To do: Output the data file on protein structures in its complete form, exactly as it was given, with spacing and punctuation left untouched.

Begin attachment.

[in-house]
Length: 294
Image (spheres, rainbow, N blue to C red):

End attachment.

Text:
[in-house]
Length: 294
Image (spheres, rainbow, N blue to C red):